The energy bill gap between the most and least eco-friendly homes will widen to £3,250 a YEAR in the wake of energy price hikes set to occur this week. This is because Ofgem is increasing energy price caps by 54% on 1 April in response to wholesale costs increasing in the wake of the conflict in Ukraine and changes in energy policies made by the world’s biggest suppliers in the wake of the COVID pandemic.
This means that more energy efficient homes will see the lowest increases in heating and energy costs whilst the most poorly insulated homes will see rises in monthly or quarterly bills.
A home’s EPC rating is largely based on how it is heated and its level of insulation, meaning the majority of G-rated homes will come from older housing stock, some of which might be Victorian, Edwardian in origin or even older.
Analysis by the property consulting JLL suggests that a typical household living in a home with an EPC rating of G will see their bills rise from an average of £3000 per year to nearly £5000.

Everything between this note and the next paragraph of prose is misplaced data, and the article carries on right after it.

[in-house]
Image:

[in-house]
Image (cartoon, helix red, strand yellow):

However, more energy efficient properties Meanwhile in bands A to C will see a much more modest increase in energy bills going from an average of 1000 per year to £1700.
This means that your old, poorly insulated property could be costing you as much as £270 per month so there’s never been a better time to insulate and improve your home’s energy efficiency particularly if you intend to sell your home. In these cash strapped times buyers are going to be paying more attention to the EPC rating of your home, potential renters for landlords are also going to be paying attention to the energy performance rating of your property or home so there’s never been a better time to spend some money and improve the energy efficiency of your home, it might save your pounds and increase the perceived value of your property making it much more likely to be snapped up by renters or buyers.